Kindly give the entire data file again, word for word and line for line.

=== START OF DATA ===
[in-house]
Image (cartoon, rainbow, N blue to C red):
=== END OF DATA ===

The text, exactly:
[in-house]
Image (cartoon, rainbow, N blue to C red):